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Part of the Routledge Studies in the Social History of Medicine Series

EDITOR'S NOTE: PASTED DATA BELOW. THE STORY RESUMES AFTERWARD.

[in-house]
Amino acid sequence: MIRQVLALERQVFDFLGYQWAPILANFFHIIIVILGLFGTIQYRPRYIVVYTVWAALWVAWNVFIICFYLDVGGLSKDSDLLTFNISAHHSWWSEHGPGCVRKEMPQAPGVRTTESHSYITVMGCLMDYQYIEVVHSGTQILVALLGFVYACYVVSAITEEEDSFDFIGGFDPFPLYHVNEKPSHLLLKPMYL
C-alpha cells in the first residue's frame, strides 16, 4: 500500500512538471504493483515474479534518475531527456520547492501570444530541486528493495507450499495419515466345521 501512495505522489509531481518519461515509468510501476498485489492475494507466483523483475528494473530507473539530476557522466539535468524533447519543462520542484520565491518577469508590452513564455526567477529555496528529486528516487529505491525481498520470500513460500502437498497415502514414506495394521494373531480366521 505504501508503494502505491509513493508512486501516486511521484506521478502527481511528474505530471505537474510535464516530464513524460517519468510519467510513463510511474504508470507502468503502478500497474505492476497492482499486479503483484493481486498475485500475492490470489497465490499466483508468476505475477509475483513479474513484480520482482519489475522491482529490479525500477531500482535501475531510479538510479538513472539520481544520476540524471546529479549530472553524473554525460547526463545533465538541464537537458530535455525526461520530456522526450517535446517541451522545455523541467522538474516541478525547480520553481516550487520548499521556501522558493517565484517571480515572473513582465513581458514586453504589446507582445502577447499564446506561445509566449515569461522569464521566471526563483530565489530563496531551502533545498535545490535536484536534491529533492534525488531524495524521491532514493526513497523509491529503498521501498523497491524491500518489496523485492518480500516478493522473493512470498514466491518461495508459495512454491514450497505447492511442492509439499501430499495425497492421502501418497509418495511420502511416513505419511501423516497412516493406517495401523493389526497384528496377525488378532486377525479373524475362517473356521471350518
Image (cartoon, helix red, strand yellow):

This volume brings together cutting edge research by historians from Britain, Germany, France, the US, Japan and New Zealand. Innovative in its approach to innovation, it focuses on diffusion and resistance, and organization as well as technology. The collection features issues such as control and compliance, professional power and economic constraint, cultural divides, 'configured users' and ingenuity. The introductory essay relates the collection to history and sociology of innovation and technology, asking 'what is distinctive about medicine and health?' Explorations of recent cases, along with deeper probing of the past century, call into question how the past relates to the future. Health policy makers and analysts, practitioners, users and historians will find the editor's claims for the uses of history provocative. With its emphasis on clarity of writing, its mix of empirical details and analysis, and its rich bibliography, this volume offers rewards to academic and health service readers alike.